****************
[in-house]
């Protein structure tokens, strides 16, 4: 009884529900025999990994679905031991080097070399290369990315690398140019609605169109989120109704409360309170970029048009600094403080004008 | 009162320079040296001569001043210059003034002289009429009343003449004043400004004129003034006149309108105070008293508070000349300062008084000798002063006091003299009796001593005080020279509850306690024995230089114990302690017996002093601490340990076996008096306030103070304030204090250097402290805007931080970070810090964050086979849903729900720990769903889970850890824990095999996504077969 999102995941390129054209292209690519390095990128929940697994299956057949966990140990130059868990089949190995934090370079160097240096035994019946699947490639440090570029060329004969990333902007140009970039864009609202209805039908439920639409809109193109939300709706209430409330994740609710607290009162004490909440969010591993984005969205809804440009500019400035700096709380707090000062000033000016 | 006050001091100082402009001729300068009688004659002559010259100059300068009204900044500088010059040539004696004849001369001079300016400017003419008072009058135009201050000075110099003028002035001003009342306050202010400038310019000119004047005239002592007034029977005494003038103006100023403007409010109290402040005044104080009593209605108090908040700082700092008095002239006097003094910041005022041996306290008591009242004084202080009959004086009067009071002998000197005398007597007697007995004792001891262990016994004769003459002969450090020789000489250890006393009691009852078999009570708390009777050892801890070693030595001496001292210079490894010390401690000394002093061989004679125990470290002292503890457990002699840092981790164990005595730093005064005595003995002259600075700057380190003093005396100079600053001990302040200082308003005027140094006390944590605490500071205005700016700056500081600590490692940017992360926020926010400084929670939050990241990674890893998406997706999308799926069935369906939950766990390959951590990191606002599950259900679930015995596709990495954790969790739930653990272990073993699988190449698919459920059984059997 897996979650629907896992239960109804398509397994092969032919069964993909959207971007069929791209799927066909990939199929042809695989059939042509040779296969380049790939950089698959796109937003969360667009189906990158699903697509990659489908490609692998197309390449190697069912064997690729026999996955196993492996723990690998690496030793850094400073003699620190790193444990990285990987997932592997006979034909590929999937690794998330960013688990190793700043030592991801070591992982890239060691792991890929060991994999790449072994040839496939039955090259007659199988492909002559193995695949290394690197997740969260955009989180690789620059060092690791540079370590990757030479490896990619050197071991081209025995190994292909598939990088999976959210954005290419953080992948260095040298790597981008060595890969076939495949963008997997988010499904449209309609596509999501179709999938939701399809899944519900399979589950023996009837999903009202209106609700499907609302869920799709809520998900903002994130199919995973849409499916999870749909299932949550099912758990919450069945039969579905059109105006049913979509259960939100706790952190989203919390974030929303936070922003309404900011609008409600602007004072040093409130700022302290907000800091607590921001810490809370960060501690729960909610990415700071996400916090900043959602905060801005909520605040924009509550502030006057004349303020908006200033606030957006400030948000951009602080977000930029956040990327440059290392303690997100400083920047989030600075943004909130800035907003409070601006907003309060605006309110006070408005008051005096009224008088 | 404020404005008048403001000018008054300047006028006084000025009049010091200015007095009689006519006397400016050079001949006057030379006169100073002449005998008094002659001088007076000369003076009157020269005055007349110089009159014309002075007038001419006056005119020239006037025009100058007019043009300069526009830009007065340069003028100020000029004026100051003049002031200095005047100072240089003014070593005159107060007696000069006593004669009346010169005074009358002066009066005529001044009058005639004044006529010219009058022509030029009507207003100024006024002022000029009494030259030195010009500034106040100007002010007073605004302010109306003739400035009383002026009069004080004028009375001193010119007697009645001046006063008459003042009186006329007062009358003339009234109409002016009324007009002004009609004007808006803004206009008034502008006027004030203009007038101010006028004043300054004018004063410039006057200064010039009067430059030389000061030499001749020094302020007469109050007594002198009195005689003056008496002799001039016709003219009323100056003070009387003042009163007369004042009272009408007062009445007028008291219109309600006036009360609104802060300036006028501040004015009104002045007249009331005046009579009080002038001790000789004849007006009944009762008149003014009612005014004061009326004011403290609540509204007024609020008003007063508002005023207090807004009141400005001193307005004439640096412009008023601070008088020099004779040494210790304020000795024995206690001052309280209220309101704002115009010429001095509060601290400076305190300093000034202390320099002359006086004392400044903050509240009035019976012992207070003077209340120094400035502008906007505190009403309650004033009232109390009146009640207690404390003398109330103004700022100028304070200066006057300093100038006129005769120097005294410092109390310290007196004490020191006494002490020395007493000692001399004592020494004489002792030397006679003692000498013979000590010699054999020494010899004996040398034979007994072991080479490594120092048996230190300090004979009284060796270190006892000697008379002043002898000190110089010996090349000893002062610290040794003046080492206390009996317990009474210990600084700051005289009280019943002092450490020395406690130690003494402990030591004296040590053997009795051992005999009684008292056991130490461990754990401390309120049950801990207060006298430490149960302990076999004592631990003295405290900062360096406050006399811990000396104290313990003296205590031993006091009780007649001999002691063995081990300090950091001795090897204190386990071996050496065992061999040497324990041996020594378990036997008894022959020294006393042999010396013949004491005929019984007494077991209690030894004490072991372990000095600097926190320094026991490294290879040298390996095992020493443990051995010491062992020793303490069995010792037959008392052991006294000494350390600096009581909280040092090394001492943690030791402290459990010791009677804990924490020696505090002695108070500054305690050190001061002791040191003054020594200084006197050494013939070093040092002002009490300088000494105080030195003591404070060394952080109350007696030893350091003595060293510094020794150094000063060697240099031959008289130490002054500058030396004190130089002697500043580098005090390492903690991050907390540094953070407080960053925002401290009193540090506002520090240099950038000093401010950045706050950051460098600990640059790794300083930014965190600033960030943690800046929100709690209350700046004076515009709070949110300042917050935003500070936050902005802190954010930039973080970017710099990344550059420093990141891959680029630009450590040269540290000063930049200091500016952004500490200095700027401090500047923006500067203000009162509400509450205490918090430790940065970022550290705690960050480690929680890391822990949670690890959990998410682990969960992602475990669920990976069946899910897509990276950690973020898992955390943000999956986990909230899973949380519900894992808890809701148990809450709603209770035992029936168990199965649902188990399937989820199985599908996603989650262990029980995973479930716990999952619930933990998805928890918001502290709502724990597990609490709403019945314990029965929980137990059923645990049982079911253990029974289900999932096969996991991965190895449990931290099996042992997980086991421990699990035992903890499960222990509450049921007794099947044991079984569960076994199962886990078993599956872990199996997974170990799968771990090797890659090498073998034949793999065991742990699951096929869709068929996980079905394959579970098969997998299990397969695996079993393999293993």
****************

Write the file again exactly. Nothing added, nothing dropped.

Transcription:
[in-house]
């Protein structure tokens, strides 16, 4: 009884529900025999990994679905031991080097070399290369990315690398140019609605169109989120109704409360309170970029048009600094403080004008 | 009162320079040296001569001043210059003034002289009429009343003449004043400004004129003034006149309108105070008293508070000349300062008084000798002063006091003299009796001593005080020279509850306690024995230089114990302690017996002093601490340990076996008096306030103070304030204090250097402290805007931080970070810090964050086979849903729900720990769903889970850890824990095999996504077969 999102995941390129054209292209690519390095990128929940697994299956057949966990140990130059868990089949190995934090370079160097240096035994019946699947490639440090570029060329004969990333902007140009970039864009609202209805039908439920639409809109193109939300709706209430409330994740609710607290009162004490909440969010591993984005969205809804440009500019400035700096709380707090000062000033000016 | 006050001091100082402009001729300068009688004659002559010259100059300068009204900044500088010059040539004696004849001369001079300016400017003419008072009058135009201050000075110099003028002035001003009342306050202010400038310019000119004047005239002592007034029977005494003038103006100023403007409010109290402040005044104080009593209605108090908040700082700092008095002239006097003094910041005022041996306290008591009242004084202080009959004086009067009071002998000197005398007597007697007995004792001891262990016994004769003459002969450090020789000489250890006393009691009852078999009570708390009777050892801890070693030595001496001292210079490894010390401690000394002093061989004679125990470290002292503890457990002699840092981790164990005595730093005064005595003995002259600075700057380190003093005396100079600053001990302040200082308003005027140094006390944590605490500071205005700016700056500081600590490692940017992360926020926010400084929670939050990241990674890893998406997706999308799926069935369906939950766990390959951590990191606002599950259900679930015995596709990495954790969790739930653990272990073993699988190449698919459920059984059997 897996979650629907896992239960109804398509397994092969032919069964993909959207971007069929791209799927066909990939199929042809695989059939042509040779296969380049790939950089698959796109937003969360667009189906990158699903697509990659489908490609692998197309390449190697069912064997690729026999996955196993492996723990690998690496030793850094400073003699620190790193444990990285990987997932592997006979034909590929999937690794998330960013688990190793700043030592991801070591992982890239060691792991890929060991994999790449072994040839496939039955090259007659199988492909002559193995695949290394690197997740969260955009989180690789620059060092690791540079370590990757030479490896990619050197071991081209025995190994292909598939990088999976959210954005290419953080992948260095040298790597981008060595890969076939495949963008997997988010499904449209309609596509999501179709999938939701399809899944519900399979589950023996009837999903009202209106609700499907609302869920799709809520998900903002994130199919995973849409499916999870749909299932949550099912758990919450069945039969579905059109105006049913979509259960939100706790952190989203919390974030929303936070922003309404900011609008409600602007004072040093409130700022302290907000800091607590921001810490809370960060501690729960909610990415700071996400916090900043959602905060801005909520605040924009509550502030006057004349303020908006200033606030957006400030948000951009602080977000930029956040990327440059290392303690997100400083920047989030600075943004909130800035907003409070601006907003309060605006309110006070408005008051005096009224008088 | 404020404005008048403001000018008054300047006028006084000025009049010091200015007095009689006519006397400016050079001949006057030379006169100073002449005998008094002659001088007076000369003076009157020269005055007349110089009159014309002075007038001419006056005119020239006037025009100058007019043009300069526009830009007065340069003028100020000029004026100051003049002031200095005047100072240089003014070593005159107060007696000069006593004669009346010169005074009358002066009066005529001044009058005639004044006529010219009058022509030029009507207003100024006024002022000029009494030259030195010009500034106040100007002010007073605004302010109306003739400035009383002026009069004080004028009375001193010119007697009645001046006063008459003042009186006329007062009358003339009234109409002016009324007009002004009609004007808006803004206009008034502008006027004030203009007038101010006028004043300054004018004063410039006057200064010039009067430059030389000061030499001749020094302020007469109050007594002198009195005689003056008496002799001039016709003219009323100056003070009387003042009163007369004042009272009408007062009445007028008291219109309600006036009360609104802060300036006028501040004015009104002045007249009331005046009579009080002038001790000789004849007006009944009762008149003014009612005014004061009326004011403290609540509204007024609020008003007063508002005023207090807004009141400005001193307005004439640096412009008023601070008088020099004779040494210790304020000795024995206690001052309280209220309101704002115009010429001095509060601290400076305190300093000034202390320099002359006086004392400044903050509240009035019976012992207070003077209340120094400035502008906007505190009403309650004033009232109390009146009640207690404390003398109330103004700022100028304070200066006057300093100038006129005769120097005294410092109390310290007196004490020191006494002490020395007493000692001399004592020494004489002792030397006679003692000498013979000590010699054999020494010899004996040398034979007994072991080479490594120092048996230190300090004979009284060796270190006892000697008379002043002898000190110089010996090349000893002062610290040794003046080492206390009996317990009474210990600084700051005289009280019943002092450490020395406690130690003494402990030591004296040590053997009795051992005999009684008292056991130490461990754990401390309120049950801990207060006298430490149960302990076999004592631990003295405290900062360096406050006399811990000396104290313990003296205590031993006091009780007649001999002691063995081990300090950091001795090897204190386990071996050496065992061999040497324990041996020594378990036997008894022959020294006393042999010396013949004491005929019984007494077991209690030894004490072991372990000095600097926190320094026991490294290879040298390996095992020493443990051995010491062992020793303490069995010792037959008392052991006294000494350390600096009581909280040092090394001492943690030791402290459990010791009677804990924490020696505090002695108070500054305690050190001061002791040191003054020594200084006197050494013939070093040092002002009490300088000494105080030195003591404070060394952080109350007696030893350091003595060293510094020794150094000063060697240099031959008289130490002054500058030396004190130089002697500043580098005090390492903690991050907390540094953070407080960053925002401290009193540090506002520090240099950038000093401010950045706050950051460098600990640059790794300083930014965190600033960030943690800046929100709690209350700046004076515009709070949110300042917050935003500070936050902005802190954010930039973080970017710099990344550059420093990141891959680029630009450590040269540290000063930049200091500016952004500490200095700027401090500047923006500067203000009162509400509450205490918090430790940065970022550290705690960050480690929680890391822990949670690890959990998410682990969960992602475990669920990976069946899910897509990276950690973020898992955390943000999956986990909230899973949380519900894992808890809701148990809450709603209770035992029936168990199965649902188990399937989820199985599908996603989650262990029980995973479930716990999952619930933990998805928890918001502290709502724990597990609490709403019945314990029965929980137990059923645990049982079911253990029974289900999932096969996991991965190895449990931290099996042992997980086991421990699990035992903890499960222990509450049921007794099947044991079984569960076994199962886990078993599956872990199996997974170990799968771990090797890659090498073998034949793999065991742990699951096929869709068929996980079905394959579970098969997998299990397969695996079993393999293993």